In the News

Play Attention in the News

The Journal Times – 11/01/2011

Twelve-year-old Nikolas Hufen can control computer games with his mind.  Without touching the mouse or keyboard, Nikolas last Wednesday started a computer game and got objects on the screen to light up.  Nikolas, of Racine, was able to do so because of a portable EEG device strapped to his arm and connected to the computer by Bluetooth. The EEG measured Nikolas’s brain waves and when they showed focus and concentration, the game became active. In some cases his brain waves actually made characters on the screen move. (Read more)

Huffington Post Canada – 11/17/2011

Its most commonplace use, however, is BodyWave’s ability to help children with attention-deficit hyperactivity disorder. Freer formed a company called Play Attention to put this technology to work, designing games and activities that help children see when they’re focusing and when they are not — the games literally will not work unless they put their minds to it. It also is geared toward adults who wants to participate in ‘brain training’ games to assist with concentration and even...

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Psychology Today – 07/28/2010

To meet Julian’s short-term attention needs, a physician prescribed medications to help him focus. For his long-term attention needs, we placed him on “Play Attention TM,” a computer-based attention training system that has been educationally proven to help children develop ther ability to focus, and reduce impulvity. We also included learning style training to help him harness his natural style of learning, and parent training to reinforce the behavioral changes we agreed upon. In all, Julian...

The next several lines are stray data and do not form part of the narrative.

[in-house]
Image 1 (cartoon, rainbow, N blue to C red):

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Globe and Mail – 11/18/2011

The technology is the brainchild of Peter Freer, a North Carolina elementary-school teacher frustrated by stymied efforts to help students with ADD. It took 11 years and three jobs for him to scrape together enough cash to create a prototype for an educational program called PlayAttention. Mr. Freer was testing the technology on the U.S. bobsled team, with the same focus-boosting aim, when Mr. Templeton cold-called him. Could Mr. Freer whip up something like that for nuclear-plant operators?...

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Daily Mail – 01/11/2010

The news will infuriate millions of parents who have children diagnosed with Attention Deficit Hyperactivity Disorder (ADHD). A new British study has proved that children suffering from the behavioural disorder can control their symptoms – simply by learning self-discipline. Researchers from the University of Hertfordshire’s School of Psychology in Hatfield have been studying the effects of a thought-controlled computer game that requires the player to concentrate in order to win.

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